Security of Azerbaijani civilians must be ensured – Bundestag member

The necessity of political compromises for the Armenia-Azerbaijan Nagorno-Karabakh conflict's peaceful settlement - security guarantees for the population, living near the line of contact and the confidence building - has to be emphasized in all negotiations and bilateral meetings with the parties.

This was noted in the statement of Stephan Mayer, a member of the German Bundestag and domestic policy speaker of the CDU/CSU parliamentary group, regarding the Armenian provocation in the Alkhanli village of Azerbaijan's Fuzuli district.

It should be noted that on July 4 at about 20:40 (GMT+4 hours), the Armenian armed forces again violated ceasefire and, using 82-mm and 120-mm mortars and grenade launchers, shelled Azerbaijani positions and territories where the civilian population lives, namely the Alkhanli village of the country's Fuzuli district, thereby grossly violating the requirements of international law, the Azerbaijani defense ministry said earlier.

As a result of this provocation, the residents of the village Sahiba Allahverdiyeva, 50, and Zahra Guliyeva, 2, were killed. Salminaz Guliyeva, 52, who got wounded, was taken to the hospital and was operated on.

Touching upon the history of the Nagorno-Karabakh conflict, Mayer noted that the UN Security Council resolutions on the settlement of this conflict haven't been implemented yet.

The world community recognizes Nagorno-Karabakh as an integral part of Azerbaijan, says the statement.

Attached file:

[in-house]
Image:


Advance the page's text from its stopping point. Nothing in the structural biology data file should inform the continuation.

According to the Bundestag member, it is both Germany's and the European Union's (EU) position that the settlement of the Nagorno-Karabakh conflict can solely be achieved through peaceful means.

Neither Germany nor the EU acknowledged the parliamentary election in Nagorno-Karabakh in 2010, added Mayer.

The territorial integrity of Azerbaijan must be restored, the IDPs must return to their homeland, says the statement.

The Bundestag member also called on international organizations to intensify their efforts to resolve the conflict.

The conflict between the two South Caucasus countries began in 1988 when Armenia made territorial claims against Azerbaijan. As a result of the ensuing war, in 1992 Armenian armed forces occupied 20 percent of Azerbaijan, including the Nagorno-Karabakh region and seven surrounding districts.

The 1994 ceasefire agreement was followed by peace negotiations. Armenia has not yet implemented four UN Security Council resolutions on withdrawal of its armed forces from the Nagorno-Karabakh and the surrounding districts.